Finally, it should be mentioned that alternative energy, which is now so popular in the West, is still too unreliable to provide electricity to countries with strong industries. It is hard to imagine that the richest countries in the West would be willing to jeopardize their high standard of living. Maybe Europe’s success in developing new energy sources can have something to do with a good old-fashioned, long-known Western way of protecting its environment: moving dirty and energy-intensive production to other countries. To Asia, for example. In this case, the less coal Russia will sell to the West, the more it will sell to the East, and then it will not be about reducing exports, but about redirecting them.
Another opportunity for global coal exporters that is not often discussed in the media is the Chinese “One Belt, One Road” (OBOR) Initiative, namely the part that is connected to Africa. The OBOR Initiative is intended to connect all countries that wish to participate in it, no matter what part of the world they are in, with a single transport infrastructure and turn them into a single economic space through which goods (primarily, of course, of Chinese origin) will circulate freely. As for Africa, virtually the entire Dark Continent is covered by the OBOR project and is generally an area of special Chinese attention and influence, which the PRC reinforces with huge investments. In addition to turning Africa into a giant market for Chinese products and a transit part of land through which railroads and highways will stretch from the Indian Ocean coast to the Atlantic Ocean, the PRC plans a massive relocation of industrial production to Africa. China, too, is now a rich state, and it too can now afford to locate industrial facilities in other parts of the world for the sake of its own environment and cheap labor. If this happens, Africa will experience a real industrial boom, and given the level of economic development in African countries, where hundreds of millions of people still live without electricity, this boom will be powered precisely by coal. It is worth recalling that the African continent is poor in coal deposits, and Africans will have to import fuel for their new enterprises.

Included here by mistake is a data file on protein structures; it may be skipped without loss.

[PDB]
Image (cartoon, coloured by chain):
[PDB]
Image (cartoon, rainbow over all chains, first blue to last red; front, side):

Interestingly, Russia is already supplying coal to African countries, and in June 2020, Russian Prime Minister Mikhail Mishustin approved the Energy Strategy of Russia until 2035. This document identifies the Dark Continent as a new promising area for Russian coal exports.
Of course, the development of coal power in Africa may cause protests from Western environmentalists, who haven’t experienced hunger, poverty, and lack of electricity for a long time. However, the “greens” can be reassured by the fact that modern science is searching not only for new energy sources, but also for new ways to use old energy carriers, including coal. A number of coal technologies have already been developed and are being implemented under the “HELE” (“high efficiency, low emission”) principle. These technologies include so-called “supercritical” coal plants, coal gasification, and other methods that produce noticeably more electricity while burning the same or even less coal, resulting in less harmful emissions into the atmosphere. It is known that India, China and Vietnam are planning to build about 1,000 coal-fired power plants using HELE technology.
It is quite possible that Chinese companies in Africa will also use these technologies.
Thus, the industrial development of economically backward regions of the Earth continues, scientists are looking for ways to make this development as environmentally friendly as possible, and the coal industry of Russia, as well as other countries, can look to the future with optimism: it is far from real decline in income and even further from collapse.
Dmitry Bokarev, political observer, exclusively for the online magazine “New Eastern Outlook”.